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April 26, 2018

Five Questions for SEC Chair Clayton

This morning, Securities Exchange Committee (SEC) Chairman Jay Clayton will be testifying before a House Appropriations Subcommittee to discuss the fiscal priorities of the SEC for the 2019 Fiscal Year. Though it is centered around appropriations, Congress also has an opportunity to ask the chair of the SEC questions surrounding a number of important topics.

Here are five that we would ask (and we hope are asked) during today’s hearing:

On Market Structure:

  • It has been argued that retail investors are disproportionately and negatively impacted by some practices that high-frequency traders engage on. What should the Commission do to protect better retail and other investors against predatory high-frequency trading?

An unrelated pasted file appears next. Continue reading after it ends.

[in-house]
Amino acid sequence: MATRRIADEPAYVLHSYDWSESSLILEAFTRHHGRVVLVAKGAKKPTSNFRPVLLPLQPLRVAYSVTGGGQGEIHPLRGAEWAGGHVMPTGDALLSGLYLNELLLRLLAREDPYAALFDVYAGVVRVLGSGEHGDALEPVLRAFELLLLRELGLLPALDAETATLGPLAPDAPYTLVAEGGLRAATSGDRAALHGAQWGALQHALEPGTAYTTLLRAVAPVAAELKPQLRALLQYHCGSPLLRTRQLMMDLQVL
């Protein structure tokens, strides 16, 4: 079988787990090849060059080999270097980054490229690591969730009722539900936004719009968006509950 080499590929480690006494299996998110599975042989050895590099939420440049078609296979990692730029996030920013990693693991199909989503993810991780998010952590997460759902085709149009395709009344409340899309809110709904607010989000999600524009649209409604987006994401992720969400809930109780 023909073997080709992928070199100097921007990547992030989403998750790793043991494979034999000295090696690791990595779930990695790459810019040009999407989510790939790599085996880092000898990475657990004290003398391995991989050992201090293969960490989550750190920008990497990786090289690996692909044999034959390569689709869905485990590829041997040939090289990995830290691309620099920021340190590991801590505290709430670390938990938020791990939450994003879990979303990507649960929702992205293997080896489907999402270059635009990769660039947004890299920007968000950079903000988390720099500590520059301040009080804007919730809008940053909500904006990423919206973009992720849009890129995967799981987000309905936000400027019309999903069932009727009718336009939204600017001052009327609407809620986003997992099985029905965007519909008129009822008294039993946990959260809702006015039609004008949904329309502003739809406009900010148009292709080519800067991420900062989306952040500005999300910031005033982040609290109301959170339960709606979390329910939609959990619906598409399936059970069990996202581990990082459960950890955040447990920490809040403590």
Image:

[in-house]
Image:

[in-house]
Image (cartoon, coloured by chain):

On the Revolving Door & Interest Groups:

  • The revolving door between the SEC and the Wall Street firms it is called to regulate is spinning as fast as ever. Do you believe that the revolving door between industry and the SEC is a problem? What would you do to ensure that those coming to the SEC have the public interest at heart and in mind?
  • How are you ensuring that both rulemaking and enforcement functions of the SEC are not compromised because of the revolving door?

On Cost Benefit Analysis:

  • Would you agree that any assessment of the benefits of regulation must include the benefits of avoiding financial crises, the benefits of maintaining investor confidence in the integrity of our markets, and the benefits of safeguarding investors from the collectively massive losses that arise from fraud and abuse.

On Repeat Offenders:

  • It is a requirement of SEC settlements that financial institutions agree not to breach securities laws in the future. However, there have been many examples of firms who have violated their pledges not to break laws, without suffering the consequences. How should the SEC effectively fight recidivism?
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